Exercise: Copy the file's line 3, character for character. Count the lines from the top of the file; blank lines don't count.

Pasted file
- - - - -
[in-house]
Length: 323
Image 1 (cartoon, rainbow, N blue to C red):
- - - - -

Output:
Image 1 (cartoon, rainbow, N blue to C red):